I subscribe to the TED Talk podcast. They provide really interesting points of view across a huge range of topics. Yesterday I watched Conrad Wolfram’s presentation about how his opinions on how we should change the way we teach maths (he insisted on talking about ‘math’, without the s, even though he’s English. Although he knows a lot more about the topic than I do I’m going to ignore him on that point). I recommend that you watch the lecture.

His main point was that we waste our time in schools trying to teach students how to actually calculate the answers when computers can do this part of maths easily, and do so once you leave school. Wolfram thinks that we would be much better teaching maths students how to take a real-life problem and make it into a mathematical problem so that you can then get a computer to do the calculation for you.

This idea struck a chord with me and made me think about how I use maths at work.

Compositing, visual effects in general, can be very artistic and very technical at the same time. We spend a lot of our time trying to simulate what happens in real life, but real life isn’t always dramatic enough so we have to make it look good too. I have worked with an equal number of people from maths and science backgrounds, and people who have studied art, graphic design and photography. Personally, I studied maths and physics at A-level and consider myself to be in the technical camp.

I was working on this post on my lunch break today and a colleague saw the title and exclaimed ‘you don’t need maths to composite’. While it is certainly true that there are some very talented artists who can make stuff look great without needing to understand what the software is doing I wouldn’t recommend it as a strategy. Even a basic understanding of the process will help you solve problems and build more efficient and logical scripts.

Coming from After Effects I was used to thinking about pixel values between 0 – 255 or 0 – 1024. Once I learnt that the software normalises these values to 0 – 1 to do the maths, and that’s how the values are described in Shake and Nuke, everything became incredibly obvious and the maths becomes much more approachable.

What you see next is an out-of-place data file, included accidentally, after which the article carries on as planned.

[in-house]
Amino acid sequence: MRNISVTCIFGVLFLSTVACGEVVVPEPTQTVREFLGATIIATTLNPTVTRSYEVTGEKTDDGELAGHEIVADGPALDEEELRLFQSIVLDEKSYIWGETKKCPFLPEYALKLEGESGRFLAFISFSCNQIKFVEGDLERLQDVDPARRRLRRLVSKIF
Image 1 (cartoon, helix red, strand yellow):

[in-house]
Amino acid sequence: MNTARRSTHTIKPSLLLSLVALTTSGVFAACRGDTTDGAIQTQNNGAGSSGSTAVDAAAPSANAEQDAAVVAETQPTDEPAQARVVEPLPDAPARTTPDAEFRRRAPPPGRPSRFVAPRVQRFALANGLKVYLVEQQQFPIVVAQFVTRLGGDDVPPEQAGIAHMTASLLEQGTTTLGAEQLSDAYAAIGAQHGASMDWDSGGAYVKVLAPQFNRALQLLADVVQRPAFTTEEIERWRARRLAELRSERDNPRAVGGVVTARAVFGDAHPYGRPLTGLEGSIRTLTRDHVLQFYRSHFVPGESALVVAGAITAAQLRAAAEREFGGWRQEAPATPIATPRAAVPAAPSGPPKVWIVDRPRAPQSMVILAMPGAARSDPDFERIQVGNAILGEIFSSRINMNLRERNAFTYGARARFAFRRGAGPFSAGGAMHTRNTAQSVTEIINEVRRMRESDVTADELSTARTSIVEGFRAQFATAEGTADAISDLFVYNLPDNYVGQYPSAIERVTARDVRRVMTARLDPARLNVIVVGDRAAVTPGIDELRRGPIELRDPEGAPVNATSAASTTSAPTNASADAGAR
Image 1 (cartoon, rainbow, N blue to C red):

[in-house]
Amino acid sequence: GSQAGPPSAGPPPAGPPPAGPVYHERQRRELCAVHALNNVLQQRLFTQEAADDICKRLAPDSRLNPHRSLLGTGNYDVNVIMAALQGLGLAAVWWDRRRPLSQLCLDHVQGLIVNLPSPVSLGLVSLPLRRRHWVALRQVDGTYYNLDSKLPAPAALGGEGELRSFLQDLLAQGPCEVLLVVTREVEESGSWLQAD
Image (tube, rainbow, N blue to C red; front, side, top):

We spent the first few days at Escape going over the simple operations that any compositing package does for simple operations like ‘over’, or for colour corrections. We did stuff like build a keymix node with just add, multiply and shuffle nodes. This showed me that I could actually start working out the maths in my head as most of it was simple multiplication or addition with values between 0 and 1. I’m pretty sure most of you can cope with that.

Once you start thinking about the actual maths going on it helps you solve lots of little issues that might pop up in your work, like double premultiplication, or unexpected values after a particular colour correction.

Beyond simply understanding what the software is doing maths can also help you build more realistic and complex effects. In most visual effect shots we are trying to simulate real life and real life can be modelled mathematically. Using even simple maths in an expression can create a layer of complexity that would be seriously time consuming and inflexible if done by hand. This could be as simple as using a random number function to add some camera shake, or a cosine function to make something move in a repeating circular motion. I would say that other than the basic arithmetic operations, trigonometry is the most useful area of maths to use in expressions.

You can find some great examples of how a few lines of maths can create very natural looking animations at Dan Ebbert’s site motionscript.com. Although these are all based in After Effects you can take the maths used and rebuild the expressions in Nuke or Shake.

Although this stuff is simple maths the idea of doing the calculations manually on every channel of every pixel of a 2k image isn’t practical or appealing. This is why we use a computer, obviously. Which is the point Conrad Wolfram is making. There is no point in wasting time with the calculations, but knowing which calculations to do is important.

You might well be able to composite without ever thinking about maths but just a little bit will make a big difference to your work.

I have spent far too long already trying to write the post so I’ll publish it now and maybe in the future I’ll try to post some actual examples.

Love this. Completely agree with Mr Wolfram on the majority of what he speaks about through out this talk. Nize one, Conrad…

If you look towards computer vision, there is plenty to draw from in the way of extracting useful information from images. It’s not necessarily typing in math into the program, but good strategies for building useful mattes are there if you look into some papers on computer vision, and especially the biologically-inspired areas. Looking up some of the papers on scale-space is a good start: http://en.wikipedia.org/wiki/Scale-space.

(I work, by the way, at Framestore NY sometimes; maybe we will have to opportunity to work together at some point.)